Alternates may be added to Board of Zoning Appeals

Published 11:19 am Monday, August 22, 2011

COURTLAND—In hopes of avoiding a repeat of the Aug. 15 Southampton County Board of Zoning Appeals meeting, the Board of Supervisors on Monday agreed to add three alternates to the board.

A public hearing to change the ordinance so the alternates can be added will be held during the Board of Supervisors’ 6 p.m. Monday, Sept. 26, meeting at the Government Center in Courtland.

An Aug. 15 public hearing to allow military dog training on nine Southampton County properties was postponed to 7:30 p.m. Monday, Sept. 19, when the seven-member board did not get a quorum — a majority of its members for making a decision.

Many of the more than 100 people attending the standing-room-only hearing for American K-9 Interdiction in Walters were upset.

“I was here and embarrassed because they couldn’t do what needed taken care of,” said Dallas Jones, chairman for the Board of Supervisors. “Alternates would be a good idea.”

The hearing was postponed when members Marie Sykes and Doug Chesson failed to show. Member James Bradshaw excused himself due to a conflict of interest. Bradshaw owns a Delaware Road property that’s next to one of the properties in question and is opposed to the training.

The fourth member, David Holland, could not participate because it was learned earlier that day he needed to be sworn in.

While reviewing the current ordinance, Supervisor Carl Faison noted there is no requirement that Board of Zoning Appeals members must be sworn in. Supervisors agreed to include the requirement in the revamped ordinance.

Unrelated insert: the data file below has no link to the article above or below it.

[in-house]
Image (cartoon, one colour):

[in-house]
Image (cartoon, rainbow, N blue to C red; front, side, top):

American K9 Interdiction began training dogs in the county in February. Residents reported homes and windows shaking from what sounded like machine gunfire and mortars going off.

When a resident reported the training to county officials, the company was given 10 days to stop. Military dog training is not permitted in the county, but can be granted through a temporary special-use exception by the Board of Zoning Appeals.

Paul Roushia, co-owner of American K-9 Interdiction, said his company has done similar training in Isle of Wight County, Suffolk, Newport News, Chesapeake and Virginia Beach. Permission was not needed.

The properties the company would like to use include:

• The former Boykins Elementary School at 17219 Pittman Road, owned by the county

• Ivor Elementary School at 7486 Proctor’s Bridge Road, also owned by the county

• Parcels on Melon Field and Three Bees roads in Newsoms, both owned by Denise and J.C. Bunn III.

• Parcels on Odom Chapel Road, East Depot Street and south of General Thomas Highway west of Cypress Bridge Road, all in Newsoms, belonging to the Joan Bunn Life Estate

• Property on Crossroads Drive near Franklin, owned by Green Waste Recycling

• Property at 36465 General Mahone Boulevard owned by Charles and Kathleen Clark in the Berlin-Ivor area.